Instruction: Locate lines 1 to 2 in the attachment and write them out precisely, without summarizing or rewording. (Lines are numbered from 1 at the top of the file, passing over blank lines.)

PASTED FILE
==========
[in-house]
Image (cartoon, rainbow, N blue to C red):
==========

[in-house]
Image (cartoon, rainbow, N blue to C red):